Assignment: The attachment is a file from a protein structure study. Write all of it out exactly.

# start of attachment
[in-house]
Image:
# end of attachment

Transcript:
[in-house]
Image: